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Thu, Dec 13, 2018 12:46
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Hoax caller who claimed he'd planted bomb at paper mill did it for 'bit of a laugh'

NORTH WALES, England (News story from the Daily Post) -- A disgruntled worker has admitted calling the Daily Post newsdesk claiming he had planted a bomb in the UPM paper mill where he worked.

Terry Bell, 29, thought the hoax "was a bit of a laugh" , North East Wales Magistrates Court at Mold heard.

But the police were alerted by our newsdesk and traced the calls, made on Saturday afternoon, to a house in Connah's Quay.

Prosecuting barrister Helen Tench said the company he worked for, UPM Shotton, had lost £100,000 because of the incident.

Bell, with ginger hair and wearing glasses, appeared from custody in a grey sweatshirt and grey tracksuit bottoms, as he pleaded guilty to communicating information he knew to be false that there was a thing likely to explode or ignite at UPM Paper Mill.

He was given conditional bail that he reside at his parents' house in Bilston, near Wolverhampton, maintain a curfew between 8pm and 8am and he was barred from using electronic devices such as moblie phones, iPads and computers.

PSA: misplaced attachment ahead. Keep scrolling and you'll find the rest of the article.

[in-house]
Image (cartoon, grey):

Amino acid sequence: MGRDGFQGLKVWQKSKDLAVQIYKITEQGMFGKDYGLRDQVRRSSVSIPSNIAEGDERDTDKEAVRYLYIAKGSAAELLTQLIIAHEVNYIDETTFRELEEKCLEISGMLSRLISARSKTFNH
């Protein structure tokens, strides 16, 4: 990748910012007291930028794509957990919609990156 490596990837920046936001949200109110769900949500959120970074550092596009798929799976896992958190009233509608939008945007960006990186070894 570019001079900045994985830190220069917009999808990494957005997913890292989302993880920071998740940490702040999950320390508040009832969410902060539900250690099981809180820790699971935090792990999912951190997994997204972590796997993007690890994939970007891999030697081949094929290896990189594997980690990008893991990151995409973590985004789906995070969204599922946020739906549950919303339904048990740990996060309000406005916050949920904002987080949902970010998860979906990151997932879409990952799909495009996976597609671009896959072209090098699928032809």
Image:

He was told, unless it was an emergency, he would have to get his father to use a landline for him if he needed to contact anyone and was ordered to stay away from Deeside.

Ms Tench said: "Details were passed to the Daily Post newsdesk that there would be an explosion at 9pm that night.

"He said he had put the device there. He called the newspaper again and when asked for his name he said they didn't need to know that.

"He told police it was not a genuine call and it was a stupid mistake. He thought the call was a bit of a laugh.

"The reason he gave for making the call was that he was not happy working at the paper mill, where he had worked for two shifts."

Ms Tench said he admitted he had a previous conviction for a similar offence when he was 16 years old.

She said he claimed his aim had not been to frighten anyone.

Defending Bell, Simon Simmons said his client had ADHD, autism and dyslexia - and had not been taking his medication since the end of last year.

Mr Simmons said although Bell had committed a serious offence he admitted to it straight away, had shown remorse and had not been "medicated".

Chairman of the bench, Brian Manford advised Bell to take his medication and observe the terms of his bail.

Bell, of Boswell Road, Bilston, will be sentenced at Mold Crown Court on October 25.


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